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On storytelling and memorization
Nope, I don't memorize word-for-word
I have storytelling friends who memorize their stories, but that happens not to be the way I work. In truth, I don’t have the discipline for word-for-word telling. My memory is good. I can tell the 95-minute story Tristan and Iseult without notes, but I have no interest in memorizing a script.
When I work on a story—whether a folktale, a personal story, or a story from a book—I learn it image-by-image. It is as if I’m telling you what is happening in a movie in my head. I try to give you enough detail that you can imagine it, but not so much that you’re bored out of your gourd. I might memorize the first line and the last line, and if there is an important refrain, I’ll commit that to memory. Otherwise, it’s fairly loose.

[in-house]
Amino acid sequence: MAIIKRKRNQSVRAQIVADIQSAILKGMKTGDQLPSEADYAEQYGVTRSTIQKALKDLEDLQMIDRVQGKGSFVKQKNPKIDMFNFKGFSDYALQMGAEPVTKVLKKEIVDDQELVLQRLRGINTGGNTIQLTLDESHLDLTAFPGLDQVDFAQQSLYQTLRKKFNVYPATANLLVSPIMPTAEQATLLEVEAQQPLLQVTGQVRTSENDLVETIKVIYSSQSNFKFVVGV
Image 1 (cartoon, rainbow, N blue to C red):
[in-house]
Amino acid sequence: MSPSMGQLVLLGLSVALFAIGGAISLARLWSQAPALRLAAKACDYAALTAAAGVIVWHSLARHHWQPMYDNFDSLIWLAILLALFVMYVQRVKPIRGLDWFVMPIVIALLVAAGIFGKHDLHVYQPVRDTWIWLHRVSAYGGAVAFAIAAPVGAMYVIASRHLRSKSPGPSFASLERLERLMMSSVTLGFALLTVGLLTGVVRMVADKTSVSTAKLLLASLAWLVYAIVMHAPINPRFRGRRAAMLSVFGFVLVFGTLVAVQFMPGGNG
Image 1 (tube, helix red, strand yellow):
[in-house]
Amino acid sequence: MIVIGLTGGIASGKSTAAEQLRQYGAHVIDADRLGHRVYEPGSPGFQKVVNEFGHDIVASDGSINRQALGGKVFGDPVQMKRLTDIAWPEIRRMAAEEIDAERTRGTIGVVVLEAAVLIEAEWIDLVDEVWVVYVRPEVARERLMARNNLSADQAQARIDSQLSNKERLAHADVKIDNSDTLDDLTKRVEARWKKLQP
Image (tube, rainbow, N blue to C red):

I grew up memorizing poetry. Mom would pay us a penny a line. This was one of many ways my brothers and sisters and I could earn money (along with weeding the garden, shining shoes, ironing, and other extra jobs on top of those we were assigned every non-school day).
I had a tremendous sweet tooth, and we lived a short walk from two stores with penny candy, so I was motivated to learn poetry.
I could be lazy and get two cents for Robert Louis Stevenson’s couplet:
The world is so full of a number of things I'm sure we should all be as happy as kings
Or I could get ambitious with Jabberwocky by Lewis Carroll Twenty-eight lines meant twenty-eight fireballs, Jolly Rancher candies or ice cube chocolates!
Here’s Jabberwocky, which I still remember:
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